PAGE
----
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A teen-age Juneau boy is missing in the frigid waters off the Mendenhall Peninsula.
Police said Travis Mason, 16, and another boy, also 16, departed the north end of Douglas Island late Friday riding one personal watercraft, often referred to by the brand name Jet Ski.
The two teens were headed for Spuhn Island. The pair was reportedly riding the watercraft back and forth between the island and Smugglers Cove at the tip of the peninsula when it capsized, said Petty Officer Roger Wetherell, a Coast Guard spokesman. Neither boy was wearing a life jacket.
The driver of the watercraft, whose name was not released by officials, swam to Spuhn Island to seek help. His brother took him to Auke Bay aboard a skiff. A waiting ambulance took him to Bartlett Regional Hospital for treatment of hypothermia, Wetherell said.
However, Bartlett had no record of treating anyone matching the driver's description, said Charlotte Mielke, nursing supervisor.
The original call to Juneau police came from an Auke Bay resident at 11:25 p.m. Friday. The resident heard someone calling for help and the sound of a boat motor, said Sgt. Tom Wehnes. When police responded, they found several people calling Mason's name, Wetherell said.
At the time of the accident there were steady winds from the southeast at 10 to 15 miles per hour, a temperature of 42 degrees and seas of 3 feet, according to the National Weather Service. It had just begun to rain.
Mason was described by family friend Marsha Kelly as ``a level-headed boy,'' a devout Jehovah's Witness who had demonstrated his knowledge of the Bible ``backward and forward'' Wednesday evening at a Lenten service at Kingdom Hall.
The Masons are a close-knit clan, Kelly said Saturday afternoon, as she gazed out over the water toward Spuhn Island. ``You could see two or three generations sitting in a row in one pew at services,'' she said.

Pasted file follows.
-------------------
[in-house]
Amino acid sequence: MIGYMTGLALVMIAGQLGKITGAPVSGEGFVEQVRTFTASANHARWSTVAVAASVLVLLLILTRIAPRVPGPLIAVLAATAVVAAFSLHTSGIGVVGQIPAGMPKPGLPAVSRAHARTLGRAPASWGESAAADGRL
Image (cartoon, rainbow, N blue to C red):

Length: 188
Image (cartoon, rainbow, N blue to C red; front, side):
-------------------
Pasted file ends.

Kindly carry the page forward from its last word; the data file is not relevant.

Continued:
Police concentrated their searches near Fritz Cove Road and Fox Farm Road on Friday evening.
Coast Guard personnel and Alaska State Troopers combed the beaches of the peninsula bay Saturday. Searches were also conducted with boats and aircraft.
Two Coast Guard search and rescue crews boat crews joined the effort Saturday morning, searching the waters around Spuhn, Battleship and Suedla islands.
A rescue boat from the Juneau-based 110-foot cutter Liberty also assisted in Saturday's search.
A National Guard helicopter began flying search patterns at 10 a.m. Saturday, said Chief David Small of the Coast Guard. Search planes were flying so low over the area that Becky Carls, a resident of Fritz Cove Road, feared they might crash into the mountains.
Petty Officer Jim Barber of the Coast Guard said Saturday's search included four handlers, all members of the SEADOGS canine rescue team. Over-water search dogs were used near Spuhn Island. These dogs are trained to sniff out humans who are underwater, using faint scent traces on the surface.
The Coast Guard suspended its air search about 1 p.m. Saturday when the dogs alerted over Battleship Reef. Troopers then hired some local commercial divers to investigate.
``We don't know why the dogs alerted,'' said handler Bruce Bowler of the Southeast Alaska Dogs Organized for Ground Search. ``We just know they alerted.''
Trooper John Chiri led Saturday's search effort. ``We have two divers in the water,'' Chiri said about 3:30 p.m. Saturday. ``We are going to continue to search as long as we have air for them.''
Just before 4 p.m., a new boat joined the rescue, equipped with a towed video camera. Teens were coming and going from the beach at the end of Fritz Cove Road, a popular teen party spot for decades. They leaned morosely against beach rocks, taking no pleasure in the afternoon sun.
Both the Coast Guard and Troopers suspended their efforts about 5:10 p.m. Saturday, with the intention to resume this morning.